Safety representatives (see below), designated by a union that is signatory to a collective agreement with the employer, are classed as union representatives.


Board representations

Since 1973, Swedish workers have had the right to representation on company boards. Workers are represented on the boards of all companies with more than 25 employees. There are two or three worker members, accounting for around a third of board members in around three-quarters of companies covered by the legislation [13].

Board level representation is very widespread in Sweden. Under the 1987 Act on Board Representation for Employees in Private Employment, workers in almost all companies with more than 25 workers have the right to elect two board members and the same number of deputies (three in companies with more than 1,000 workers which operate in several industries, again with three deputies). The worker representatives, however, can never be in the majority [13].

The worker representatives on the board are chosen by the local union (with which the employer has a collective agreement). This is done either through local agreement between the unions in the company (provided they represent a majority of the workers) If agreement cannot be reached, a more formalised approach is adopted: This states that if one union has 80% of the workers in the company, then it is entitled to both the worker seats on the board, otherwise each of the two unions with the largest membership in the company has a seat. In practice, it is common for one of the worker representatives on the board to come from the manual confederation LO (Swedish Trade Union Confederation, Landsorganisationen) and the other to come from one of the two non-manual confederations, TCO (Swedish Confederation of Professional Employees, Tjänstemännens central organisation) and SACO (Swedish Confederation of Professional Associations, Sveriges Akademikers Centralorganization). They can be chosen in a number of ways, including election at the union meeting in the company, appointment by the union, or a membership ballot [13].

On most issues, board members representing workers have the same rights as those representing the shareholders of the company. However, they cannot take part in discussions relating to collective bargaining or industrial action, or other issues where there is a clear conflict of interest between the company and the union. Worker representatives have no power of veto and so cannot stop majority decisions taken against their wishes [13].


Works councils

Works councils in Sweden were workplace bodies for co-operation between workers and management, instituted in the country in 1946 under an agreement between the employers’ association SAF and the Trade Union Confederation (Landsorganisationen) LO. More extensive worker participation was introduced by way of the Co-Determination Act, and the works councils agreement was thus terminated. Today, the only works council in Sweden is the European Works Councils [14].


Safety committees

Safety committees play a central role in joint health and safety activities at workplace level. Under the 1977 Work Environment Act, a safety committee must be formed in every workplace with 50 or more employees, or in smaller workplaces if a request is made from the workers. Several such committees may be set up in larger workplaces. A safety committee can have subsidiary committees, such as a work adaptation group (see below).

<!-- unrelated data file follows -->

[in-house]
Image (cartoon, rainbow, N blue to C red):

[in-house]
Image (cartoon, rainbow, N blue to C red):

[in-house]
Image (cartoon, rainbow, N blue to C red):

The committee's principal function is to establish objectives for health and safety activities and to ensure that these objectives are attained. It must be involved in the planning and decision-making process of all related matters from the earliest possible stage. It is composed of representatives from both sides. Representatives from the worker side are chosen by the local unions that have a collective agreement with the employer, or by the workforce in exceptional cases where there are no such unions. One member should, if possible, be an employee in a senior management position. At least one safety representative (see below) must be included. The number of members is determined by the size of the workforce, the nature of the work and other circumstances prevailing at the workplace. There are no rules in the Act on which side is to have a majority in the committee. The chairperson and secretary are nominated by the employer’s side.

Wherever possible, the committee's decisions should be unanimous, and, thus, binding for the employer. However, if a particular decision entails financial commitments, then a unanimous decision also requires the backing of a work environment agreement (unless the committee has a special budget at its disposal provided by the employer). If the committee cannot reach a unanimous decision, a member may have it referred to SWEA for a ruling, but this is extremely rare. More detailed rules on safety committees are commonly laid down in work environment agreements [15].


Safety representatives

A safety representative in Sweden is a representative of the workers’ side in matters relating to health and safety and the broader work environment. Rules on safety representatives are laid down in the 1977 Work Environment Act [16], the 1977 Work Environment Order and work environment agreements.

Such representatives must be designated in all public and private workplaces where five or more workers are regularly employed. In smaller workplaces, a safety representative can be appointed by decision of the local union (with a collective agreement for the workplace concerned) or by the workforce itself in exceptional cases where there is no such union.